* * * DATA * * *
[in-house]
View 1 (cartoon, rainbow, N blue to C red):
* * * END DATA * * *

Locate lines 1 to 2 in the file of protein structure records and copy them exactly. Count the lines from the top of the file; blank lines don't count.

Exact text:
[in-house]
View 1 (cartoon, rainbow, N blue to C red):